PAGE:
India

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Women around the world have faced multiple barriers to accessing safe abortion care during the COVID-19 pandemic including the de-prioritization of sexual and reproductive healthcare, overwhelmed health systems and restrictions on movement. The COVID-19 crisis has sparked innovation among IPPF Member Associations who responded swiftly by developing new approaches to reach women with safe abortion care including telemedicine and home-based provision of medical abortion.
Kalpana Apte’s passion to campaign for sexual and reproductive health and rights in India was sparked when she met a 38-year-old woman at an FPAI clinic. The woman had six living children, had two miscarriages and was desperate for contraception. That day Kalpana couldn’t help but has made it her life’s work to help others since.
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The Family Planning Association of India (FPAI) is working with women in prison by training them in mechanics to beauty parlour work, so that upon their release they have the opportunity to become financially independent.
Meet some of people who were so motivated by the discrimination-free healthcare they received from our Member Associations, or by the potential to support their communities in need, that they decided to become much-valued volunteers.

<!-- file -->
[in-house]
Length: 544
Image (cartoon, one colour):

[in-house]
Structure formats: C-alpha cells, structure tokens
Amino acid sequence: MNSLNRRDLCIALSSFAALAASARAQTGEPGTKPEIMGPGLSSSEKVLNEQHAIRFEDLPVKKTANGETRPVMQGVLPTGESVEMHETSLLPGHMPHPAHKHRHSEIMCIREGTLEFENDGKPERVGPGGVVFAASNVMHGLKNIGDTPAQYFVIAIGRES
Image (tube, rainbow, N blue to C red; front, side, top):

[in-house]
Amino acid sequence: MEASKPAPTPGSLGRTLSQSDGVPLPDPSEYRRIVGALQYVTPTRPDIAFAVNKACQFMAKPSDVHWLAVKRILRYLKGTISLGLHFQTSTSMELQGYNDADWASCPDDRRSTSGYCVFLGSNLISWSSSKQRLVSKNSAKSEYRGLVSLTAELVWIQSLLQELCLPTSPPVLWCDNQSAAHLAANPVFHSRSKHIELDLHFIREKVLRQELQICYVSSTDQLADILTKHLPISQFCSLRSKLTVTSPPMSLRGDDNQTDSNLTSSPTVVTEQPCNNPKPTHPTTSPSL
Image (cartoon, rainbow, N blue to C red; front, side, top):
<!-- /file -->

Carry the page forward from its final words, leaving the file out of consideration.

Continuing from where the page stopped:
Hasina turned to sex work when her husband died and left her and her three-year-old daughter without an income. She admits it initially made her feel powerless until she began working as a peer educator with Family Planning Association of India. She now feels that she has some control over her own body.
Neelam Dixit is the branch manager of FPA India's GCACI clinic in Gwalior in Madhya Pradesh. Through the work they are doing within their local community, she is slowly seeing a shift in attitude on abortion and the stigma that surrounds it.
From Rehkha, who helps to spread the message of safe sex and safe abortion through songs, to Diti, a sex worker who decided she did not want to continue with a pregnancy, meet some of the people expanding safe access to abortion services in India, and the women benefiting from it.
The Global Comprehensive Abortion Care Initiative (GCACI) improves access to quality abortion care and contraception in IPPF Member Association clinics. The Parivar Swasthya Kendra (PSK) clinic outside Mumbai sees a wide range of clients from the underserved communities in the district. The Family Planning Association of India (FPAI) opened the clinic at the request, and need, of a local fisherwomen’s group.
In India, lack of awareness of cancer as a treatable disease remains low, and women's access to screening and treatment services is limited.
By 2020, in India alone there will be more than 45 million women of reproductive age with an unmet need for contraception* – more than all the women of this age in the UK, France and Germany combined. Lack of ...